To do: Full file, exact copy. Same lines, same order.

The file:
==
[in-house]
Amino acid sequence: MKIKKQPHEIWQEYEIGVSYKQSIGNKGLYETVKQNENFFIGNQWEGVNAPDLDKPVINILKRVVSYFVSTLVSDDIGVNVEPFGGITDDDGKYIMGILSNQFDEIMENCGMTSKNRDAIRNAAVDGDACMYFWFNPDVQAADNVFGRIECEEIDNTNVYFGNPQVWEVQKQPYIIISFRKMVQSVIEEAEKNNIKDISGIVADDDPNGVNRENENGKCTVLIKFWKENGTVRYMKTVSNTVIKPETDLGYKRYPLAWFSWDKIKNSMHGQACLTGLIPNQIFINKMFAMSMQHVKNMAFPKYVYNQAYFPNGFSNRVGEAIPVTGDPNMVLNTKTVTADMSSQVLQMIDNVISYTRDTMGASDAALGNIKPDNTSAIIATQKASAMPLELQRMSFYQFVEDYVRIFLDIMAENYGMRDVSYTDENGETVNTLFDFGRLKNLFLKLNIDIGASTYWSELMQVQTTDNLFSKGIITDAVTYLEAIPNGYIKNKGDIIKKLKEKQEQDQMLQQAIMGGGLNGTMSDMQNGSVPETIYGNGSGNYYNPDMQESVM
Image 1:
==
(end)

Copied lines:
[in-house]
Amino acid sequence: MKIKKQPHEIWQEYEIGVSYKQSIGNKGLYETVKQNENFFIGNQWEGVNAPDLDKPVINILKRVVSYFVSTLVSDDIGVNVEPFGGITDDDGKYIMGILSNQFDEIMENCGMTSKNRDAIRNAAVDGDACMYFWFNPDVQAADNVFGRIECEEIDNTNVYFGNPQVWEVQKQPYIIISFRKMVQSVIEEAEKNNIKDISGIVADDDPNGVNRENENGKCTVLIKFWKENGTVRYMKTVSNTVIKPETDLGYKRYPLAWFSWDKIKNSMHGQACLTGLIPNQIFINKMFAMSMQHVKNMAFPKYVYNQAYFPNGFSNRVGEAIPVTGDPNMVLNTKTVTADMSSQVLQMIDNVISYTRDTMGASDAALGNIKPDNTSAIIATQKASAMPLELQRMSFYQFVEDYVRIFLDIMAENYGMRDVSYTDENGETVNTLFDFGRLKNLFLKLNIDIGASTYWSELMQVQTTDNLFSKGIITDAVTYLEAIPNGYIKNKGDIIKKLKEKQEQDQMLQQAIMGGGLNGTMSDMQNGSVPETIYGNGSGNYYNPDMQESVM
Image 1: